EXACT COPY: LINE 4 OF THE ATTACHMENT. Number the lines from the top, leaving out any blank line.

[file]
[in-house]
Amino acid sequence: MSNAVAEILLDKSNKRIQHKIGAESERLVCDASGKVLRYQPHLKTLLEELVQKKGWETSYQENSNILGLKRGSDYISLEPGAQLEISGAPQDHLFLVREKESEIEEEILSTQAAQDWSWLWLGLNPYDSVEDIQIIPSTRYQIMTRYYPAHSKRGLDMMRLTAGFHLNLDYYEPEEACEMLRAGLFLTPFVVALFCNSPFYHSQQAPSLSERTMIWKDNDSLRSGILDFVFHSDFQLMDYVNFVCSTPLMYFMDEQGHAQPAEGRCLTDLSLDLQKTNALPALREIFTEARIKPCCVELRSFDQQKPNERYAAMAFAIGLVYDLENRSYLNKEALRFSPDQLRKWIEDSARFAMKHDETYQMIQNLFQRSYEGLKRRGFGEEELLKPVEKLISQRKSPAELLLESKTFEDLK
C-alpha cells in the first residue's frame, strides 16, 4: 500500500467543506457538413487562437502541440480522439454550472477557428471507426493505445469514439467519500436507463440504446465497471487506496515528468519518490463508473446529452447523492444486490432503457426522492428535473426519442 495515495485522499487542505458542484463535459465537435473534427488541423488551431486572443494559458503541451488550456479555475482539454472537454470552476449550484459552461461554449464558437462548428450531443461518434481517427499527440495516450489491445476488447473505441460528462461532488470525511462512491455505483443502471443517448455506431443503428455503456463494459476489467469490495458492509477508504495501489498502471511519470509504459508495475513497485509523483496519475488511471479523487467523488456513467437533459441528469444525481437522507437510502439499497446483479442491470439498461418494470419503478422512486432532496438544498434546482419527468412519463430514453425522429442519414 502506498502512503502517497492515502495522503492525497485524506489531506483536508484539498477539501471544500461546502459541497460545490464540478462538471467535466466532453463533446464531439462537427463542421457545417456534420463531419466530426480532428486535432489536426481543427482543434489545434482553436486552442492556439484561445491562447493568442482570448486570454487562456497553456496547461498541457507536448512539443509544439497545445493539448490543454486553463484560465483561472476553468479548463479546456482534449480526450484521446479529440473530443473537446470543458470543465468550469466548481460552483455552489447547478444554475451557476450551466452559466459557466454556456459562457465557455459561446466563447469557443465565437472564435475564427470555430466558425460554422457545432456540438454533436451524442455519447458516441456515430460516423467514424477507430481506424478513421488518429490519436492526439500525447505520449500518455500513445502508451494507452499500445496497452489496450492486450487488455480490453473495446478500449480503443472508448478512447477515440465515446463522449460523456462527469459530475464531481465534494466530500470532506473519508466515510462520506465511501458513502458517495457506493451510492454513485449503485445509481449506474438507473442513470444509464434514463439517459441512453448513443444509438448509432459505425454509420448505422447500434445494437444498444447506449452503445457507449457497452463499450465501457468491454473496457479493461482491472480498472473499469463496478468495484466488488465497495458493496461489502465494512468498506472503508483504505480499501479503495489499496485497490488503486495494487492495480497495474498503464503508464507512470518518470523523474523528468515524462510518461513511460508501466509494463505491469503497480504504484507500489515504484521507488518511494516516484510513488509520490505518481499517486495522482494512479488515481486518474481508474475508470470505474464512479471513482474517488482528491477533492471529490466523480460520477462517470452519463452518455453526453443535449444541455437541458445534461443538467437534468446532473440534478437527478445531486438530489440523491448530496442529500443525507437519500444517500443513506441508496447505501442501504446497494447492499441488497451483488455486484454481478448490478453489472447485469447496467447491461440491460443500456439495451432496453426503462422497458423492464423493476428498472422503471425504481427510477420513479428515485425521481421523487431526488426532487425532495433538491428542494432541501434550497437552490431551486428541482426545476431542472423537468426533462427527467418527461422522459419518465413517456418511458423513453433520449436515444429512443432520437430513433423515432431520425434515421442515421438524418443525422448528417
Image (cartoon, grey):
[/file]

Image (cartoon, grey):